Inspired by Rob Zombie’s artwork and played in sync to White Zombie’s “Ratfinks, Suicide Tanks & Cannibal Girls”, the imagery results from Beavis eating a cactus. The song itself makes for the soundtrack’s heaviest metal performance, second and third easily being AC/DC’s “Gone Shootin'” and Rancid ft. Stubborn All-Stars’ “I Wanna Riot”, respectively. Known as the final recording by White Zombie, as it hit streets around the release of Rob Zombie’s Hellbilly Deluxe, this segment of the film pays homage to Beavis and Butt-head’s critic days with Beavis claiming what he sees is “like a music video!” – and for the most part, he is right on the money.
Another interesting last (as well as first) is the track “Walk On Water” by none other than Ozzy Osbourne. While the demo was featured in the film, this polished studio version boasts the only performance of guitarist Joe Holmes on an Osbourne studio recording (though he was schooled by the late Randy Rhoads and co-wrote three tracks on Down To Earth before leaving the band). While not the best of the tracks in the Osbourne catalog, the notoriety it brings to this soundtrack leaves much to aspire towards, especially alongside White Zombie’s courteous donation.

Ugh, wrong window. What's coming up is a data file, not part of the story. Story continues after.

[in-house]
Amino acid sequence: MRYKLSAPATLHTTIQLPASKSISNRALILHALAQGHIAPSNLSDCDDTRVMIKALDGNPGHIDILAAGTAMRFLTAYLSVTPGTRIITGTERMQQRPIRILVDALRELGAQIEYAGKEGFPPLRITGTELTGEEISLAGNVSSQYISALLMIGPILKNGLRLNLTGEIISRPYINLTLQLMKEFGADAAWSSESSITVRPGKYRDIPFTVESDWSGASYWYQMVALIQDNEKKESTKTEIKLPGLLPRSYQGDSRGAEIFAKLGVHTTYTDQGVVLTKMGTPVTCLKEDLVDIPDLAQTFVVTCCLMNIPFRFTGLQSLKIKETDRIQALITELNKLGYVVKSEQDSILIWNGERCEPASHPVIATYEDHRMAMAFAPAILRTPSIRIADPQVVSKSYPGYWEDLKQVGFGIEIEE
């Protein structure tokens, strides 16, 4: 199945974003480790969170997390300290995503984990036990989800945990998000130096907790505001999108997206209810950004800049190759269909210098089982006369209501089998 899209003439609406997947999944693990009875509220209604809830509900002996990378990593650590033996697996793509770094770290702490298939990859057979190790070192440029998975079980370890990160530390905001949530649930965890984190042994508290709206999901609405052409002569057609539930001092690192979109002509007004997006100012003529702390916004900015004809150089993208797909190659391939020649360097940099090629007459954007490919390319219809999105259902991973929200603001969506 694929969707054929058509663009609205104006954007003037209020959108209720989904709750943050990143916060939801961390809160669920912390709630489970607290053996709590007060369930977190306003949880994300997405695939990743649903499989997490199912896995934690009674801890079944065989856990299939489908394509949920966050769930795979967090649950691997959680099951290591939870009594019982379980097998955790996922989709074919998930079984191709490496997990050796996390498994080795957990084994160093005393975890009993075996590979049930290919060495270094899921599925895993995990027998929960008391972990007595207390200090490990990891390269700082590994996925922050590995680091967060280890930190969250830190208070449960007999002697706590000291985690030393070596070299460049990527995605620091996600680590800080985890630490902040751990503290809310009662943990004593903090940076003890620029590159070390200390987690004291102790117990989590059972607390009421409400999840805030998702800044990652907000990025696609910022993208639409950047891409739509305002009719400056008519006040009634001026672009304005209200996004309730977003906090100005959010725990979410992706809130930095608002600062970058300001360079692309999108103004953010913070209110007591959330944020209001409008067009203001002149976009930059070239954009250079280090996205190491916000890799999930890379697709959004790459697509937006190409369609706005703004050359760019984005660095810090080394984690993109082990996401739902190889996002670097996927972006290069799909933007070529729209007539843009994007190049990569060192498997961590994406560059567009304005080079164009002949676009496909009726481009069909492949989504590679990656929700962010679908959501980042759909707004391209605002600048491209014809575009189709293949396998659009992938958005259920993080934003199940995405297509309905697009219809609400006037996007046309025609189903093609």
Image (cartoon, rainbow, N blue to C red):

Onto ’90s territory, we have the presence of some old school No Doubt (you know, before Stefani became the second coming of Cyndi Lauper?) and Butthole Surfers. In a similar fashion to Filter, Butthole Surfers have the one song everyone knows (“Pepper”), and a healthy dose of soundtrack appearances (MI:2, Romeo & Juliet, etc.). While Filter might have been much more successful in the long run, a Butthole Surfers song by band name alone is almost a necessity on the …Do America OST, and thus we get “The Lord Is A Monkey (Rock Version)” thrown in for good measure. A bit bizarre to the point of mimicking White Zombie in some aspects, this psychotropic sound scape fits well amongst the wickedness that is Beavis and Butt-head.